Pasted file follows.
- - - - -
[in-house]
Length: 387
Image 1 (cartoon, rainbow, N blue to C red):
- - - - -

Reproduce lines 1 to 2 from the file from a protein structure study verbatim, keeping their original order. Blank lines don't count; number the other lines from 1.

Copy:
[in-house]
Length: 387